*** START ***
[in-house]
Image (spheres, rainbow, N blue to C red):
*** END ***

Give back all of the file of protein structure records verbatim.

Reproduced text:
[in-house]
Image (spheres, rainbow, N blue to C red):